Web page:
7. Restore the original value of max_mds for the volume:
    ceph fs set <fs_name> max_mds <original_max_mds>

Unset the 'noout' flag

Once the upgrade process is finished, don't forget to unset the noout flag.

ceph osd unset noout

Or via the GUI in the OSD tab (Manage Global Flags).

Upgrade Tunables

Yellowpin.svg Note: These are not needed if already done with the Nautilus to Octopus upgrade.

If your CRUSH tunables are older than Hammer, Ceph will now issue a health warning. If you see a health alert to that effect, you can revert this change with:

# move to older minimum required version, only required if ceph complains
ceph config set mon mon_crush_min_required_version firefly

If Ceph does not complain about old CRUSH tunables, then we recommend that you also switch any existing CRUSH buckets to straw2, which was added back in the Hammer release. If you have any straw buckets, this will result in a modest amount of data movement, but generally nothing too severe:

# create a backup first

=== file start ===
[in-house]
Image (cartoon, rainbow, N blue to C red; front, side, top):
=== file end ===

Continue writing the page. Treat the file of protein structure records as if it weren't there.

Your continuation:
ceph osd getcrushmap -o backup-crushmap
ceph osd crush set-all-straw-buckets-to-straw2

If there are problems, you can easily revert with:

ceph osd setcrushmap -i backup-crushmap

Moving to straw2 buckets will unlock a few recent features, like the crush-compat balancer mode added back in Nautilus.

Known Issues

RocksDB resharding broken before 16.2.6

Setting up RocksDB resharding after upgrading was broken until the 16.2.6 release. So please ensure that your running ceph in version 16.2.6 or newer before triggering any reshard.

Monitor crashes after upgrade

For old clusters (pre-jewel) which did not use CephFS, it could be that the monitor will crash once updated to Pacific due to some old data structures still being around which it does not understand. Either follow the workaround in the Ceph Bug tracker or wait until Ceph Octopus v15.2.14 can be installed before you upgrade to Pacific.

See Also